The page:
http://www.archive.org/details/turningmechanica01holtuoft  

Holtzapffel, C. (1856). Turning and mechanical manipulation. Intended as a work of general reference and practical instruction on the lathe, and the various mechanical pursuits followed by amateurs. Volume II: The principles of construction, action, and application, of cutting tools used by hand; and also of machines derived from the hand tools. London, Holtzapffel & Co.

http://www.archive.org/details/turningmechanica02holtuoft         

Holtzapffel, C. (1850). Turning and mechanical manipulation. Intended as a work of general reference and practical instruction on the lathe, and the various mechanical pursuits followed by amateurs. Volume III: Abrasive and miscellaneous processes, which cannot be accomplished with cutting tools. London, Holtzapffel & Co.

http://www.archive.org/details/turningmechanica03holtuoft         

Holtzapffel, C. (1881). Turning and mechanical manipulation. Intended as a work of general reference and practical instruction on the lathe, and the various mechanical pursuits followed by amateurs. Volume IV: The principles and practice of hand or simple turning. London, Holtzapffel & Co.

http://www.archive.org/details/turningmechanica04holtuoft

Holtzapffel, J. J. (1884). Turning and mechanical manipulation. Intended as a work of general reference and practical instruction on the lathe, and the various mechanical pursuits followed by amateurs. Volume V: The principles and practice of ornamental or complex turning. London, Holtzapffel & Co.

https://archive.org/details/HoltzapffelVol5_1884
(Unfortunately this is the only version available and it is a really poor scan, and the PDF is 1.2 GB. Yes, GB, not MB)

Please contact: blog@asha.org.au for John's email address



Written by Nadia Bajzelj

Excavations at the Wesley Church precinct were carried out by Dr. Vincent Clark and Associates in 2017, a site which is located between Lonsdale and Little Lonsdale streets in the Melbourne CBD. The residences at Jones Lane were brick houses with bluestone footings, ranging in size from two to four rooms.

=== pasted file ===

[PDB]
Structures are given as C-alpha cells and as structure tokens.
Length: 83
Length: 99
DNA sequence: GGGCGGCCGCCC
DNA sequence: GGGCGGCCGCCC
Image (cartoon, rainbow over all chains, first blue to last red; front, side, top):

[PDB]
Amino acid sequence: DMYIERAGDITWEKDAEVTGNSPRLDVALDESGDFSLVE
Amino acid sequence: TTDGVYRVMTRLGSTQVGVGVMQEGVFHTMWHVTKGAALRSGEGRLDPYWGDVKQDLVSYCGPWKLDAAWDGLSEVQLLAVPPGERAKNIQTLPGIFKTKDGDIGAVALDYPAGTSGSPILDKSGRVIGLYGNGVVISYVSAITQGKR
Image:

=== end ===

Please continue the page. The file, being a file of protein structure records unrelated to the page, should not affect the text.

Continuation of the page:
This month’s ‘Artefact of the Month’ was found in one of the residences along Jones Lane, which ran between Lonsdale and Little Lonsdale streets. This masonic stickpin, which is a decorative pin used to secure men’s cravats or neck ties. Stickpins generally date from the early 19th century, and though the date for this one is still being pinned down, it is dated to broadly between the late 19th and early 20th century.

This stick pin is 76mm in length and is made from copper alloy, delicately shaped in twisted ropes around a clear oval piece of glass. The glass has a thin veneer of shell over the top, cut into the Masonic symbol of a square and compass. The motif is interesting as our background research on the site shows a number of different businesses, but none related to stone masons. The analysis of the artefacts from the site is still in progress, so our knowledge of the site at this stage is still preliminary, but we hope that we can research the inhabitants of this residence and identify any members of the Masonic Lodge.

For more information see: http://vincentclark.com.au/2017/05/jones-lane-historical-archaeology/



Caiti D'Gluyas